The rooms are affordable, the cuisine is American casual, and be sure to tip the clown named Ronald McDonald carrying the bags to your room.
The Swiss arm of McDonald’s Corp., known for its french fries and Big Macs, recently unveiled plans to open two four-star Golden Arch Hotels by next spring, a first for the world’s largest restaurant chain. The first two are scheduled to open in Switzerland. The Golden Arch Zurich Airport and the Golden Arch Lully A-1, whose names reflect their locations (the latter along a new stretch of highway), will naturally adjoin McDonald’s eateries.
Big Macs and Internet Access
McDonald’s Suisse Holding SA, which has 116 restaurants and is headed up by Chairman and Chief Executive Urs Hammer, will open the hotels in an effort to build the hamburger brand and attract new customers.
Amenities at the hotels, aimed at business travelers during the week and families on weekends, will include adjustable beds, high-speed Internet access, a child-care center and soundproof walls.
In the tradition of McDonald’s restaurants that aim to offer diners an affordable meal, Golden Arch hotel rooms are moderately priced with rates ranging from 154 to 189 Swiss francs, or about $86 to $106.
McDonald’s said it will watch the progress of the hotels, but right now there are no plans for a widespread launch of McDonald’s-branded hotels, a U.S.-based company spokesman said today.
“Each of the 100 countries where we operate is free to unleash innovation and new ideas to develop the brand,” said Walt Riker, a company spokesman. “This is an individual, innovative approach by one company in our system. We’ll see what happens. The first thing is to get them [the hotels] open and have people coming in this spring.”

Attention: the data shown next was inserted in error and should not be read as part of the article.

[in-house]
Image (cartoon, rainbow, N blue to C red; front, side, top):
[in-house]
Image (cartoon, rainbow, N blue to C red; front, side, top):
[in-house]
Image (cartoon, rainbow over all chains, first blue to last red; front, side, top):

More Than Just Hamburgers
Hammer, like the company’s restaurant operators in the United States, can make menu additions or try novel ways to build their business and draw customers. For example Hammer has put McDonald’s food on Swiss trains and airplanes. In the United States, some McDonald’s serve fresh-baked cookies, have in-store ice cream parlors, Internet access or crystal chandeliers and oak paneling.
In recent years, slowing sales have forced Oak Brook, Ill.-based McDonald’s to search for ways to grow its business without cannibalizing sales at its 23,000 hamburger restaurants located in 110 countries.
Year-to-date U.S. sales through Oct. 31 at company-owned and franchised restaurants were up a modest 3 percent to about $16.4 billion, while year-to-date sales in Europe were down 2 percent at $7.84 billion, hit by a strong U.S. dollar.
McDonald’s efforts to grow non-hamburger sales in Europe include the operation of 40 United Kingdom-based Aroma Cafes, which sell cold sandwiches and coffee.
In the United States, McDonald’s operates Chipotle Mexican Grill, Boston Market and Donatos Pizza restaurants. These other brands, however, represent a only very small part of the burger chain’s sales. In 1999, non-hamburger restaurants had sales of $91 million. That compares with McDonald’s total sales of $38.5 billion.
McDonald’s is also expected to test three diner-style restaurants in its Western U.S. division next year.
Shares of McDonald’s were up 1/16 at $32-3/4. The stock notched a 2-year low on Sept. 14 after the company warned that the effects of a strong U.S. dollar may cut 2000 earnings. The stock has a 52-week high of $48-1/8.